Interesting, thank you all!

I believe all children from Y4 upwards have 1hr Prep 5 days a week but it is done in school during the first period of the day.

It's very hard to tell how many DC are managed out / leave because they can't cope. There are tons of international kids and a lot of mid year admissions / relocations because of this.

That's a very good point about a hothouse being a school that the child can't keep up with.

DC does have some mild to moderate SEN (which I don't want to go in to here as that's a separate discussion) so I worry there is always potential for not keeping up!

Interesting to hear pp that you think a lot of hot housing comes from parents not the school.... the parents do concern me a bit - some are "please get my son into Eton" and quite a lot are super wealthy so I'd not be surprised if it was pushy helicopter parent territory.

BaconMaker Thu 16-Feb-17 07:43:19

maniple's suggestions are good. Also find out how many leave for alternative preps. Some schools have a habit of telling average students that they're "not a good fit" for the school and encouraging them/telling them to go elsewhere so as not to impact the leavers destinations.

Arianrhod Thu 16-Feb-17 11:07:29

"I believe all children from Y4 upwards have 1hr Prep 5 days a week but it is done in school during the first period of the day. "

Ouch! My daughter's prep school have 45 mins prep three times a week from Y3, plus 45 mins homework set at the weekend, and they're considered to be worked quite hard. Although I'm not sure you can consider it prep if it's done in the normal school day - isn't that just a lesson, by another name? So perhaps not too bad.

Personally I would try to talk to other parents, especially parents of children who have already left if possible. Facebook page, if the school has one, or ask the school office if there is a parents' forum of any kind. Failing that, ask to be put in touch with the class rep for the year you're looking at, and from there, you can put questions out to the parents of your year.

CruCru Sun 19-Feb-17 17:56:45

One way can be to ask how many of their kids are also tutored and how the school feels about tutoring.

wickerlampshade Sun 19-Feb-17 19:07:34

One way can be to ask how many of their kids are also tutored and how the school feels about tutoring.

unless you have a close friend there you won't get an honest answer from either parents or school

MMmomDD Sun 19-Feb-17 22:48:10

It is a very strange question that you are asking.
What are you really trying to find out? Is the school preasured? To they go faster than national curriculum?

Most preps that send kids to highly academic schools would go faster than national curriculum. And for some kids - the ones that are clearly "academic" - at early ages - it's absolutely fine.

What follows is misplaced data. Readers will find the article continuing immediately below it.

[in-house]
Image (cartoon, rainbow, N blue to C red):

For example - both my my DDs started reception reading pretty well, and knowing what a 'ten' and a 'unit' were - they learned it in their Montessori nursery.
So - an academic school ('hot house' in your language?) - was just what they needed.

If I were you - I'd be looking at whether this particular school is good for the needs of your particular child.
Hothouse or not.

smellyboot Mon 20-Feb-17 11:33:42

I am confused why and hours prep is done in first lesson of the day. Thats not prep / hone work then. Its an hour when DC do work on their own & Within school day??! All preps near us are hot houses as thats what people expect and is what they are paying for. Why else would the go there?

smellyboot Mon 20-Feb-17 11:36:38

And is that what you want - a selective secondary school ? If it is then great, but I think the 'we dont worry about grades' will be total tosh.

BaconMaker Mon 20-Feb-17 12:08:17

Why else would the go there?

People choose private school for lots of different reasons beyond wanting a hot house. More sport, music, less government pressure, higher teacher to student ratios etc. There are definitely preps near me that aren't hot houses, although they tend to be non-selective.

CruCru Tue 21-Feb-17 17:25:39

*One way can be to ask how many of their kids are also tutored and how the school feels about tutoring.

unless you have a close friend there you won't get an honest answer from either parents or school*

I went to see one school and asked the headmistress how many of the children were tutored and she told me that 23 out of 26 kids were also tutored. She said that she didn't think it was necessary but it reflected the parents who choose that school.

smellyboot Tue 21-Feb-17 23:32:10

In our area heads will tell you the same as people use private preps to get into Selective secondaries. The less pushy privates all shut down. And yes honest heads will admit that parents tutor on top.

Prettybaffled Tue 21-Feb-17 23:42:04

I would want to know how much time on average is expected to be spent on homework in each year.

I would want to know what will happen if a child can't meet academic standards.

I would want to meet the senco and ask how many of dc under her care struggle with the pace and what they do about that.

OrlandaFuriosa Tue 21-Feb-17 23:50:38

The range of schools they go to suggests mixed ability, you haven't said whether they get the top E/W scholarships, or indeed any.

In which case , subject to the homework question and also what you can find out about extra curricular activities in the last two years, sounds reasonably normal to me.